Gulf Coast restoration advocacy groups lauded the inclusion of the RESTORE Act in today's House-passed Surface Transportation Extension Act. Both the House and Senate have now passed versions of the RESTORE Act, which would dedicate 80 percent of the Clean Water Act fines from BP and the other parties responsible for the Gulf oil spill to restoring the Gulf Coast. This Friday, April 20th, marks the second anniversary of the start of the Gulf oil spill, the worst environmental disaster in American history.
“We thank Representative Steve Scalise and other Members of the Gulf delegation, as well as the leadership of both the House and Senate, for making Gulf restoration such a high priority. The time has come to make good on promises to restore the environments of the Gulf region and the communities and economies that rely on them,” said a joint statement issued by Environmental Defense Fund, National Audubon Society, The Nature Conservancy, Ocean Conservancy and Oxfam America. “Now we look forward to getting the RESTORE Act across the finish line, and the President signing RESTORE into law.”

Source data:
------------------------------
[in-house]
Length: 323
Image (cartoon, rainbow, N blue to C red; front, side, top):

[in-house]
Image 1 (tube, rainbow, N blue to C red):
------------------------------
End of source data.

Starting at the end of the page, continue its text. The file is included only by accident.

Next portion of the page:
The Senate’s version of the RESTORE Act will ensure that penalties paid by BP and others responsible for the 2010 Gulf oil disaster are used to rebuild the economies of Gulf Coast communities that were impacted by the spill and to restore the natural resources, ecosystems, fisheries, marine and wildlife habitats, beaches, barrier islands, dunes and coastal wetlands that are the foundation of the Gulf Coast economy.
A nationwide poll of 1,006 likely general election voters conducted by a Democratic firm, Lake Research Partners, and a GOP firm, Bellwether Research and Consulting, showed that the vast majority of U.S. voters (84 percent) believe the Gulf Coast—including the Mississippi River Delta—impacts the nation’s economy. Nearly two-thirds of those voters (63 percent) believe this region impacts the economy in their part of the country.
Sean Crowley, Environmental Defense Fund, 202.572.3331, firstname.lastname@example.org
David J. Ringer, National Audubon Society, 601.642.7058, email@example.com
Heather Layman, The Nature Conservancy, 703.475.1733, firstname.lastname@example.org
David Willett, Ocean Conservancy, 202.351.0465, email@example.com
Mary Babic, Oxfam America, 617.517.9475, firstname.lastname@example.org